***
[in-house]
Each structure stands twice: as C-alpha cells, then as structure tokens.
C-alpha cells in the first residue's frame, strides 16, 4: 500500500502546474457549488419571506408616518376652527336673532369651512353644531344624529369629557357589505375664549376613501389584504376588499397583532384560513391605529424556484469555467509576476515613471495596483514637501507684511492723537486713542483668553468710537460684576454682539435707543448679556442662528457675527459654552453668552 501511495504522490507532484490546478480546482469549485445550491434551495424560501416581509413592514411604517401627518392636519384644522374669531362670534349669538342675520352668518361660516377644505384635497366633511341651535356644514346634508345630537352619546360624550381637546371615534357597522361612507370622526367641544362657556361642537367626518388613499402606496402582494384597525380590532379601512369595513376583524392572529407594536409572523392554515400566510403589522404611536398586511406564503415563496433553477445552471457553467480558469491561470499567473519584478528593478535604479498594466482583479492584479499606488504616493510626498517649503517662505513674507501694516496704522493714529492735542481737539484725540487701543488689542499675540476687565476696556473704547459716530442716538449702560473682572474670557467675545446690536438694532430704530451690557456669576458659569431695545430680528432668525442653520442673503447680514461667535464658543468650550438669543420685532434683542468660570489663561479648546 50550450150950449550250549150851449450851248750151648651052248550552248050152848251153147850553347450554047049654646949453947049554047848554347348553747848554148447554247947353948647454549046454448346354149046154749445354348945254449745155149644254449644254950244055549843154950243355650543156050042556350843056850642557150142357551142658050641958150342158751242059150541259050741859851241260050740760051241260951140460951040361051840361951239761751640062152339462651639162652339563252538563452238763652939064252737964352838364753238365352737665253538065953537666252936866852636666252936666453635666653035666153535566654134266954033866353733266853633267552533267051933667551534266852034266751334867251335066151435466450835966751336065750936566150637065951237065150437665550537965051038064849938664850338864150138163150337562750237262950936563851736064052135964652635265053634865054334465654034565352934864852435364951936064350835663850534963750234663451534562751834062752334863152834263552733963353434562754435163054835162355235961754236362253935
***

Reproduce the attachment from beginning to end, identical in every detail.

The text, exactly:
[in-house]
Each structure stands twice: as C-alpha cells, then as structure tokens.
C-alpha cells in the first residue's frame, strides 16, 4: 500500500502546474457549488419571506408616518376652527336673532369651512353644531344624529369629557357589505375664549376613501389584504376588499397583532384560513391605529424556484469555467509576476515613471495596483514637501507684511492723537486713542483668553468710537460684576454682539435707543448679556442662528457675527459654552453668552 501511495504522490507532484490546478480546482469549485445550491434551495424560501416581509413592514411604517401627518392636519384644522374669531362670534349669538342675520352668518361660516377644505384635497366633511341651535356644514346634508345630537352619546360624550381637546371615534357597522361612507370622526367641544362657556361642537367626518388613499402606496402582494384597525380590532379601512369595513376583524392572529407594536409572523392554515400566510403589522404611536398586511406564503415563496433553477445552471457553467480558469491561470499567473519584478528593478535604479498594466482583479492584479499606488504616493510626498517649503517662505513674507501694516496704522493714529492735542481737539484725540487701543488689542499675540476687565476696556473704547459716530442716538449702560473682572474670557467675545446690536438694532430704530451690557456669576458659569431695545430680528432668525442653520442673503447680514461667535464658543468650550438669543420685532434683542468660570489663561479648546 50550450150950449550250549150851449450851248750151648651052248550552248050152848251153147850553347450554047049654646949453947049554047848554347348553747848554148447554247947353948647454549046454448346354149046154749445354348945254449745155149644254449644254950244055549843154950243355650543156050042556350843056850642557150142357551142658050641958150342158751242059150541259050741859851241260050740760051241260951140460951040361051840361951239761751640062152339462651639162652339563252538563452238763652939064252737964352838364753238365352737665253538065953537666252936866852636666252936666453635666653035666153535566654134266954033866353733266853633267552533267051933667551534266852034266751334867251335066151435466450835966751336065750936566150637065951237065150437665550537965051038064849938664850338864150138163150337562750237262950936563851736064052135964652635265053634865054334465654034565352934864852435364951936064350835663850534963750234663451534562751834062752334863152834263552733963353434562754435163054835162355235961754236362253935